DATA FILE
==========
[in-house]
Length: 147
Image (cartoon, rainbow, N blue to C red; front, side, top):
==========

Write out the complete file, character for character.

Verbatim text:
[in-house]
Length: 147
Image (cartoon, rainbow, N blue to C red; front, side, top):